|Publication number||US7745096 B2|
|Application number||US 11/861,948|
|Publication date||Jun 29, 2010|
|Priority date||Feb 1, 2007|
|Also published as||US20080187867|
|Publication number||11861948, 861948, US 7745096 B2, US 7745096B2, US-B2-7745096, US7745096 B2, US7745096B2|
|Inventors||Myung Sup Jung, Sang Mock LEE, Jingyu LEE|
|Original Assignee||Samsung Electronics Co., Ltd.|
|Export Citation||BiBTeX, EndNote, RefMan|
|Patent Citations (21), Referenced by (2), Classifications (17), Legal Events (4)|
|External Links: USPTO, USPTO Assignment, Espacenet|
This application claims priority to Korean Patent Application No. 10-2007-0010485, filed on Feb. 1, 2007, and all benefits accruing therefrom under 35 U.S.C. §119, the contents of which in its entirety are herein incorporated herein by reference.
1. Field of the Invention
Disclosed herein is a photosensitive polyimide composition, a polyimide film, and a semiconductor device using the same. Disclosed herein too is a photosensitive polyimide composition, a polyimide film, and a semiconductor device using the same, in which a polyhydroxyimide is used as a base resin. The polyhydroxyimide is mixed with a photoacid generator and a cross-linking-agent. The film of the photosensitive polyimide composition can be cured by heating.
2. Description of the Related Art
A photosensitive polyimide is polyimide that is sensitive to light or similar radiation. When the photosensitive polyimide is applied to a stress buffer layer or an interlayer insulating film during a semiconductor fabrication process, photoresist processes can be performed to form a pattern of the polyimide.
Also, resolution and miniaturization are being emphasized in semiconductor chip packaging by the recent trend towards thinner and light weight packaging. In this respect, recent developments have focused on chip scale packaging (CSP) technology. At present, the CSP technology is being developed and applied to the semiconductor chip package at various levels. In particular, recent developments have focused on wafer-level CSP technology, which finishes a chip package on a wafer.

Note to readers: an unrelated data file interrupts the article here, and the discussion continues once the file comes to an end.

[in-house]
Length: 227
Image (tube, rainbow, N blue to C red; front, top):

A wafer-level CSP of the prior art is shown in
As described above, in wafer-level CSP technology, peripheral input and output pads are redistributed as an array of solder terminals using thin film processes. This redistribution can mitigate the problem of resolving integrated circuit peripheral terminals.
Photosensitive polyimides can be classified into a negative type and a positive type. Examples of negative photosensitive polyimides are disclosed in U.S. Pat. No. 3,957,512 to Kleeberg et al. (hereinafter “'512”) and U.S. Pat. No. 4,243,743 to Hiromoto et al. (hereinafter “'743”). The '512 patent discloses a polyamic acid where a photosensitive functional group is coupled with a polyimide precursor by ester bonding. The '743 patent discloses a photosensitive polyimide where a photosensitive group and a compound having amino component are coupled with a polyamic acid by ion bonding. The '512 and '743 patents disclose that when a resist composition solution including polyimide is coated on a wafer, and then exposed to light, photopolymerization occurs in the portion where the resist composition solution was exposed, so that cross-linking occurs between precursor molecules, causing the resist composition solution to become insoluble. The resist composition is developed using an organic solvent to remove the unexposed area, and then the imidization reaction is completed by heating to obtain a polyimide layer with the desired pattern.
However, while not being limited by theory, such negative polyimide photoresists have problems in that their resolution is poorer than that of positive polyimide photoresists, and the resists, or related resist formation or stripping processes, are likely to generate a defect. Also, since an organic solvent, such as N-methyl-2-pyrrolidone (NMP) or dimethylacetamide (DMAc), is used as a developing solution for negative polyimide photoresists, in addition to high cost, their use is undesirable because of their environmental impact. For at least these issues, in summary, a positive polyimide photoresists that can be developed in an alkaline aqueous solution would be preferred for semiconductor processes.
Examples of positive polyimide photoresists are disclosed in Japanese Patent Publication Nos. 52-13315, 62-135824, 60-37550, and 7-33874, wherein Japanese Patent Publication Nos. 52-13315 and 62-135824 disclose a method for manufacturing a pattern using the difference in dissolution speed between an exposed area and an unexposed area, by mixing a polyimide precursor, specifically a polyamic acid, with a dissolution inhibitor, specifically a naphthoquinonediazide compound. Japanese Patent Publication No. 60-37550 discloses a photosensitive polyimide where a photosensitive group, specifically o-nitrobenzelester group, is coupled with a polyimide precursor by ester bonding. Japanese Patent Publication No. 7-33874 discloses a chemically amplified composition manufactured by mixing a resin with a photoacid generator, the resin being obtained by substituting a functional group that can be dissociated by an acid for a carboxylic group of polyamic acid.